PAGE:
“He’s coming down tonight and will be here to get his physical and we’ll get rolling,” Zduriencik said. “I’m not going to comment on any of that other stuff. It’s ridiculous. I’ve watched him at the ballpark [Safeco Field] for the last month or so throwing and he’s his normal self.”

Olney said one source told him the elbow is “an issue” in finalizing the new deal. Here’s his story on ESPN.com.

Hernandez did withdraw from the World Baseball Classic late last week, telling Venezuela head coach Luis Sojo he would not be able to participate due to the ongoing contract negotiations.

Hernandez also took to Twitter to apologize to Venezuela’s fans while asking that they respect his decision and the need to put his family first while working out his contract. He made no mention of health issues.

Hernandez has been one of the most durable pitchers in Major League Baseball since joining the Mariners at age 19. He has pitched 200-plus innings the past five seasons, including 232 or more the last four.

Since 1969, only Bert Blyleven, Fernando Valenzuela and Dwight Gooden have pitched more innings before the age of 27, with Hernandez at 1,620 1/3 in his eight seasons with Seattle.

Hernandez did struggle down the stretch last season, going 0-4 with a 6.62 ERA in his final six outings, but no arm troubles were ever mentioned and he never missed a start.

The Mariners ace was one of the American League’s premier pitchers most of the season and put together a nine-game win streak in midseason that included five shutouts and a perfect game. He finished the season 13-9 with a 3.06 ERA in 232 innings.

Hernandez has two years remaining on his current contract, which pays him $20 million this coming season and $20.5 million in 2014.

Bob Nightengale of USA Today was the first to report a new extension that would erase those last two years and pay Hernandez $25 million a year through 2019, though a baseball source with knowledge of the negotiations immediately said that report was inaccurate.

Wilfredo Polidor, one of Hernandez’s representatives with the Octagon agency, told ESPNdesportes.com on Saturday that no agreement had been reached but that “we are moving forward” and estimated the deal as 70 percent done.

My sense is that negotiations are ongoing and that things still need to be worked out. Maybe the Mariners want language protecting them from a long-term injury situation. Maybe they want to see Hernandez throw for a while this spring to better gauge his condition.

Maybe both sides just realize they’ve got two years still to work something out and there’s plenty of time to get it right.

No announcement on Felix contract imminent

Felix 1st BPDespite the flood of national reports on Thursday saying Felix Hernandez and the Mariners have agreed to a seven-year, $175 million contract, the Mariners insisted again Friday that those reports are incorrect and no deal is pending at this moment.

“We’ve been consistent on this,” said Tim Hevly, Mariners director of baseball information. “No announcement is planned or imminent.”

There’s no question the Mariners and Hernandez have been pursuing a contract extension and could be close to a new deal, but it might be wise to back up a bit and see how things play out.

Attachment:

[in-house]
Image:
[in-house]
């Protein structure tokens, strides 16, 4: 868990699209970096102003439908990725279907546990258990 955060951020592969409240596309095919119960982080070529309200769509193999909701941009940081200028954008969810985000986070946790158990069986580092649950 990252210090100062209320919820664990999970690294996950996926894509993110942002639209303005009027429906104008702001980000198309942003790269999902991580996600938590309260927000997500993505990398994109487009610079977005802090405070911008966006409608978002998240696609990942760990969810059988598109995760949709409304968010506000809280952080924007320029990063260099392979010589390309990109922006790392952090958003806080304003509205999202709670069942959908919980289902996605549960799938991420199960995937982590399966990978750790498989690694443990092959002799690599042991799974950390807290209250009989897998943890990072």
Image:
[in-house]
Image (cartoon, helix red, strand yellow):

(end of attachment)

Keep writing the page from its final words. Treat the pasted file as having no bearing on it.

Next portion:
Bob Nightengale of USA Today reported that an anonymous source who was “familiar with the contract details” indicated a deal would be finalized before Spring Training that would make Hernandez the highest-paid pitcher in baseball history with an average annual contract value of $25 million.

Mariners pitchers and catchers are scheduled to report Tuesday in Peoria, Ariz., and Hernandez is expected to be there. But at this point, it appears he’ll still be operating on the final two seasons of his current contract, which pays him $40.5 million through 2014.

Stay tuned.

Joe Saunders reportedly agrees to one-year deal

Baltimore Orioles v New York Yankees - Game FourYup, it’s been a busy little day for the Mariners, who are making much of their offseason news in the final hours before Spring Training opens Tuesday.

According to Ken Rosenthal of FoxSports.com, the club has come to an agreement with veteran left-hander Joe Saunders on a one-year deal, pending the completion of a physical.

This news came on the heels of an earlier report that Felix Hernandez is close to finalizing a long-term contract extension, plus word from the club that catcher Kelly Shoppach had signed a one-year deal and reliever Shawn Kelley was designated for assignment.

The Mariners wouldn’t confirm the Saunders’ report on Thursday evening, but general manager Jack Zduriencik has been pursuing an proven pitcher to add to the rotation since dealing Jason Vargas to the Angels for Kendrys Morales in December and this one makes perfect sense.

Saunders, 31, would give Seattle a third veteran to go along with Felix Hernandez and Hisashi Iwakuma as the Mariners also bring along a host of talented youngsters that include returners Erasmo Ramirez and Blake  Beavan and top prospects Danny Hultzen, James Paxton, Taijuan Walker and  Brandon Maurer.

Saunders went 9-13 with a 4.07 ERA last season for Arizona and Baltimore, finishing out the season with a 3-3 mark and 3.63 ERA in seven starts with the Orioles after a late-August trade.

He then pitched very well in two playoff games for the Orioles, beating the Rangers 5-1 while scattering six hits over 5 2/3 innings, then getting a no-decision in a 2-1 victory over the Yankees when he allowed just one run and three hits over another 5 2/3.

Saunders would add a left-hander to a rotation that has only right-handed returners, though Hultzen and Paxton are both southpaws coming up.

Saunders, who spent the first six years of his career with the Angels, has a 6-0 record and 2.13 ERA in 55 innings over nine starts at Safeco Field. His career record is 78-65 with a 4.15 ERA in 189 games.